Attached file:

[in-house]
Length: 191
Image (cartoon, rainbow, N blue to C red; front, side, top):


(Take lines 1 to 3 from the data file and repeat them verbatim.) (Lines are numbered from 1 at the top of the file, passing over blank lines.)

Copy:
[in-house]
Length: 191
Image (cartoon, rainbow, N blue to C red; front, side, top):